Being transported into another world through reading can be an act of self-care
The Covid-19 pandemic has drastically reshaped our lives--sending us indoors, restricting those we come in contact with, and forcing more solitary time upon us.
This time can be especially difficult for children who may not fully grasp why they can't go to school or play with their friends like normal. They also aren't equipped with the toolbox of coping skills that adults have at their disposal. Luckily for children, reading can fill that void of coping skills and act as a balm for the turbulence and anxiety caused by Covid-19.
But not just reading any old book--a good book with good characters and a good plot in a good setting. A book that children can escape to, get lost in, and find a temporary reprieve. These kinds of books comfort us as readers, and it feels like we're indulging in a treat when we open their pages.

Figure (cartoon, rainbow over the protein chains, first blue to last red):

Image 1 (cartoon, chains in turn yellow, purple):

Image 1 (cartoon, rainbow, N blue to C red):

Good books can take our minds off ourselves, and we all likely need a healthy dose of escapism during such stressful times.
The quickest way out of your own head is to enter someone else's.
Books provide children with characters to befriend, interact with, and learn from. For instance, the lives of Seth and Julia Ambrose--the protagonists of the Waldameer Mystery Files series--are uniquely engaging: they spend much of their time immersed in the delightfully carefree atmosphere of an amusement park. They work with friends to solve mysteries at the park,